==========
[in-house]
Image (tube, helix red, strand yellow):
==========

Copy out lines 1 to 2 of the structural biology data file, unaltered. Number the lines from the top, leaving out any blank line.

[in-house]
Image (tube, helix red, strand yellow):